Let $M$, $N$ and $P$ be three smooth manifolds such that $M \times N$ is diffeomorphic to $M \times P$. I need to know about some conditions under which one can deduce that $N$ is diffeomorphic to $P$. For example is it sufficient that $N$ and $P$ to be homotopy equivalent?


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    $\begingroup$ Not even homeomorphism is enough, as evinced by the existence of several smooth structures on $S^7 $. $\endgroup$ – Mariano Suárez-Álvarez Apr 14 '13 at 8:55

As Mariano mentioned not even homeomorphism is enough. Consider this concise case:

Take two exotic $\mathbb{R}^4$ (see Wikipedia's exotic $\mathbb{R}^4$ article) as $P$ and $N$, i.e. $P$ and $N$ are homeomorphic to $\mathbb{R}^4$ but $P$ is not diffeomorphic to $N$. Take $M = \mathbb{R}^n$ with $n>0$, then $M\times N$ and $M\times P$ are homeorphic to $\mathbb{R}^{n+4}$. Since there is only one diffeomorphism type for $\mathbb{R}^{n+4}$, we conclude that $M\times N$ is diffeomorphic to $M\times P$.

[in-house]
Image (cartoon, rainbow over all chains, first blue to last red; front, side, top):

What it is true is the following:

If $M$ is a $T_1$-space (for example Hausdorff) and $M\times N$ is homeomorphic to $M\times P$, then $N$ is homeomorphic to $P$.

The condition of $M$ being $T_1$ is to ensure that for $m_0\in M$ fixed, the inclusion $N\to \{m_0\}\times N$ and the projection $\{m_0\}\times P\to P$ are homemorphisms.


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